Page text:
More than 2,700 global companies, including 300 new exhibitors, unveiled an estimated 20,000 new technology products across 1.7 million net square feet of exhibit space this week at the world’s largest consumer technology tradeshow, electrifying the technology industry and helping lead the way to economic recovery. New trends unveiled at the 2009 CES will shape the future of consumer electronics, including 3D HDTV, advances in OLED, green technologies, Internet TV and digital entertainment. Produced by the Consumer Electronics Association (CEA)®, the 2009 International CES® ran January 8-11, in Las Vegas, Nevada.
“Despite a subdued economy, excitement exuded from the International CES show floor, with the sheer volume of innovative products, the quantity of senior level executives from the consumer technology and related industries, the international participation from companies and government officials and the partnerships and deals at the show,” said Gary Shapiro, president and CEO, CEA. “More consumer technology business deals start at the International CES than any other event on earth. The success of the 2009 International CES gives us optimism that innovation will restart the world’s economic engine.”
“The level of excitement on the CES show floor was at an all-time high with ground-breaking technologies such as the Palm Pre, Sony’s flexible OLED display, 3D HDTV, Yahoo!’s TV Widget, LG’s Watch Phone and a 1/3 inch thin energy efficient Plasma HDTV from Panasonic,” said Karen Chupka, senior vice president, events and conferences, CEA. “Microsoft’s Steve Ballmer announced Windows 7 Beta at his pre-CES keynote and the download response was so high, it overloaded their systems.”
In addition to the hottest gadgets, the 2009 International CES featured addresses from dynamic industry leaders including Microsoft’s Steve Ballmer, Sony’s Sir Howard Stringer, Ford’s Allan Mulally and Intel’s Dr. Craig Barrett and Cisco’s John Chambers as part of the Technology and Emerging Countries program.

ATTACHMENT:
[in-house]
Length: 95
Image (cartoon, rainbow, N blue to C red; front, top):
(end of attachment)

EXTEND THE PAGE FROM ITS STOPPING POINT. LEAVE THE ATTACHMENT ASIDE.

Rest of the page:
The 2009 CES was a celebrity-filled event which featured entertainment and sports figures including Tom Hanks, Alex Trebek, Jimmy Fallon, Stevie Wonder, Counting Crows' Adam Duritz, Usher, Jeffrey Katzenberg, Reggie Jackson, Dr. Oz and Ludacris.
“The 2009 CES was very successful for Sharp, because the show’s attendees, while fewer in total number, were the people that we really wanted to talk to,” said Judah Zeigler, Associate Vice President, Retail, and Consumer Marketing Group, Sharp. “When you have fewer people to the show, but they’re the right people who want and are capable of doing real business, everybody wins and the 2009 CES delivered.”
“This CES has had the most CEOs in attendance since I can remember and they are on the show floor. If you are not here at CES you are not in this industry,” said Randy Fry, president of Fry’s Electronics.
CEA conducts an independent audit of International CES attendance in order to ensure the accuracy of data regarding the show. Preliminary estimates suggest attendance at the 2009 International CES will be more than 110,000, with the final verified number to be released in about 90 days. At the close of the 2008 CES, CEA estimated 130,000 attendees, and the verified audited attendance of 141,150 was released in the spring of 2008.
At its meeting on the third day of CES, the 45 members of the CEA Board of Industry Leaders, which includes top executives from large and small manufacturers and retailers, reported to CEA staff that the 2009 International CES succeeded beyond all expectations and that CEA should strive to restrict future attendance to 2009 attendance levels. Steps taken by CEA to manage show attendance this year included a new $100 pre-registration fee implemented on November 1.
“Our board concluded that it is essential to have the right people attend CES. Board members reported getting more business done this year than at any prior show. One board member reported his company scheduled 450 customer meetings prior to CES and every one of those 450 meetings took place at the show. Quality trumps quantity when it comes to exhibitors and attendees conducting business at CES,” said Shapiro. “CEA’s research shows that on average, each CES attendee holds 12 meetings at the show, making CES a smart, strategic and economical business decision.”